Claire tried to avoid invasive butt chasing by a wee poodle by trotting away, only the poodle wouldn't give up. At that point I stepped on the poodle's leash to stop him harrassing Claire...and the trainer stepped in. He forced both dogs down in a face off position nose-to-nose, or at least tried to: while Claire was willing to accommodate his demands in a "training" style environment, she simply refused to face off with this dumb poodle...of course, Cesar Milan-style, he couldn't back down, so he ended up letting the poodle free and continuing to pull down Claire! I don't understand the logic in this, facing off is an aggression in dogs, if you insist, downing them side to side in a mutual 69 butt sniff position might make more sense. I didn't feel safe to talk to this trainer with open communication and suggestions, so I just hovered around miserable.
To my mind, all it needed was more friendly "greetings" between the dogs and their mums, I realized, and proceeded to get more active doing rounds to say hello (I had tried to say hello and greet on the way to the dog run when we met the poodles in the park, but there you go...some people won't...). I use the Japanese word "aisatsu" multiple times daily to let the dogs know it's time to sniff and greet new friends, canine and human.

 I can cope, says Claire, I'm old and wise...but we all had stiff necks afterwards, and I made sure to massage my babies well in the evening. Never going back, methinks, there are other more healthy options than placing yourselves knowingly in the power of a dominance believer, however necessary incident control may be for a run that welcomes all kinds of untrained dogs and their owners.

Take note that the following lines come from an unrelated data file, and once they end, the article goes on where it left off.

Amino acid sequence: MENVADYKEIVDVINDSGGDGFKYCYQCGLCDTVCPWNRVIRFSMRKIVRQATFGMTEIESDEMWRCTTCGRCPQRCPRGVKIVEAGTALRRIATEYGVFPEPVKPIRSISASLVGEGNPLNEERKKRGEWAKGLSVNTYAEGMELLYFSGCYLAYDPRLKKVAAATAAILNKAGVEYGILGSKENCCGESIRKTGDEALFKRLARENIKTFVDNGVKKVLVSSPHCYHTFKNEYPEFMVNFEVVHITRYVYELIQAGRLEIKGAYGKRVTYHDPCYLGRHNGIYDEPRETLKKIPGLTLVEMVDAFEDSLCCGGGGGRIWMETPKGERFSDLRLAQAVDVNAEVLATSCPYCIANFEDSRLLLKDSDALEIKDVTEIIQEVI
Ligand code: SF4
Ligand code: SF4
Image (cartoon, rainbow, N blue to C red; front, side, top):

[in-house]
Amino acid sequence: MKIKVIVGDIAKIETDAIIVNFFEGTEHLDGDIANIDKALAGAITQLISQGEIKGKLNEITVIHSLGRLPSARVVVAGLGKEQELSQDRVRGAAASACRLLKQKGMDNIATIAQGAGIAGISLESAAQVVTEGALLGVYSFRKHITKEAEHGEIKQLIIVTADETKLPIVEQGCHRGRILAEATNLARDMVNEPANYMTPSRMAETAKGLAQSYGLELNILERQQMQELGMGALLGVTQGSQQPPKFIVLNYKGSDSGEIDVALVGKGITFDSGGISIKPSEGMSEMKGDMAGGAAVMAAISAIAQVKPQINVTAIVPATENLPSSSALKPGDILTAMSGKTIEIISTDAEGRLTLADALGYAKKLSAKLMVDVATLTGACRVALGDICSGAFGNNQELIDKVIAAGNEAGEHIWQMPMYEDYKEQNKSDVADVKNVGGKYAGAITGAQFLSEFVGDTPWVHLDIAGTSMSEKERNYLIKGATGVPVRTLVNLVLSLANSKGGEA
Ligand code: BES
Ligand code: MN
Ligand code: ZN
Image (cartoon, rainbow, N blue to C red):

Photos by KyouSK, who was also miserable...sorry, KyouSK. We had some delicious jasmine tea together at home to soothe the nerves.

Wednesday, June 1, 2016

And so to bed...

Photos by KyouSK

I found a fantastic blog by Jennifer Arnold explaining the current understanding of dog training:
"The entire idea of dog obedience is to create automatic, mindless response to our directives, but it’s our dogs’ thoughts and feelings—their minds—that are of the greatest value to us.  It is their minds that allow them to connect, protect, and love us.  Yet despite a great deal of evidence to the contrary, many people still believe that obedience is the benchmark by which dogs should be judged.  It isn’t.  It only makes sense that we value collaboration above obedience…and educate our dogs rather than seeking only to control their actions.
Educating Dogs the Bond-Based Way
For our sake and theirs, it is far better if dogs can control their own behavior, at least to a large extent, rather than requiring us do it for them.  Dogs who self-direct their actions seem to require less vigilance on our part.  They are more secure and, therefore, have fewer behavior problems than those who require constant direction.   Educating our dogs to make good choices isn’t difficult.  Unlike typical dog training methods, it requires neither skill nor coordination.  You need only love without condition and the reciprocal trust that stems therefrom.
Our dogs must trust us.  When they do, they look to us for guidance, carefully watching us to match our mood, activity level, and often even our actions.  We can help our dogs develop trust by being respectful and kind in our interactions and consistently responding to their needs.  Social interactions, such as co-sleeping (or resting), food sharing (of foods palatable to you and safe for your dog in tiny amounts), and playing games like tug-of-war are a great ways to facilitate your dog’s secure attachment and trust in you."